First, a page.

In the last post, I discussed some of the outcomes one should look for when selecting a prevention program for your employees. Drs. Ron Loeppke, Dee Edington and Sami Beg recently published a study titled Impact of The Prevention Plan on Employee Health Risk Reduction in Population Health Management (Volume 13, Number 5, 2010) looking at The Prevention Plan and results from the 1st year of its implementation.
For information about Population Health Management or to order a subscription you can click here. Below is a brief description of the journal from the website:
This authoritative peer-reviewed journal, Population Health Management, reflects the expanding scope of health care management and quality. The Journal delivers a comprehensive, integrated approach to the field of population health and provides information designed to improve the systems and policies that affect health care quality, access, and outcomes, thereby improving the health of an entire population.
The Study looked at 2,606 individuals who completed one year of The Prevention Plan at three employer groups, using Dr. Edington’s Natural Flow model as well as other measures. Particpants completed a health risk appraisal, biometrics and lab tests at baseline and then again at the end of the year. Some of the results were as follows:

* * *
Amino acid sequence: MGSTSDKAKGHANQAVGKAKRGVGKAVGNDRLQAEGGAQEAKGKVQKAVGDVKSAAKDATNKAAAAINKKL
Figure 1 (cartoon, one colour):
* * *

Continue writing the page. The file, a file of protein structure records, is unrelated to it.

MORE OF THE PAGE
The blue column shows participants grouped into the three risk levels as defined by the Natural Flow model at baseline (Low: 0-2 high risks, Moderate: 3-4 high risks, High: 5 or more high risks). The red column shows the expected movement of those particpants during the first year. As expected according to Dr. Edington’s work, individuals will naturally gain more risks and the “flow” will be from a lower risk to a higher risk level. The green column shows the actual movement for the 2,606 participants during the first year. Members participating in The Prevention Plan showed a substantial movement from the high and moderate risk levels to lower risk levels. In fact there was a net increase in the number of low risk individuals. If you’ll recall from the previous post, which discussed Dr. Edington’s book Zero Trends, the key to bending trend is to keep the healthy people healthy. In this study, 87% of the low risk individuals at baseline remained low risk at the end of the year. This compares with a Natural Flow of 70% remaining low risk.
When looked at with more granularity, 10 of the 15 individual risks were impacted as follows:
Here too one can see substantial reductions in individual risks. Other than the HDL reduction, all had a P value of 0.02 or lower.
Many studies have documented that health risks are a precursor to health costs, therefore a reductions in risks, or creating a healthier population should ultimately lead to reductions in costs and improvements in productivity as well.
To download a copy of the study, the summary and/or a supplement to the journal titled Preventive Medicine: A Ready Solution for a Health Care System in Crisis click here.